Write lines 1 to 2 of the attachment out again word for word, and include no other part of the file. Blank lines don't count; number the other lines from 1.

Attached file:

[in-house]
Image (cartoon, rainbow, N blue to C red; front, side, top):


[in-house]
Image (cartoon, rainbow, N blue to C red; front, side, top):